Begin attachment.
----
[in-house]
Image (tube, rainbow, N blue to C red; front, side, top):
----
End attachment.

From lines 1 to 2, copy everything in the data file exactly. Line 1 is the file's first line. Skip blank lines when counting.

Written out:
[in-house]
Image (tube, rainbow, N blue to C red; front, side, top):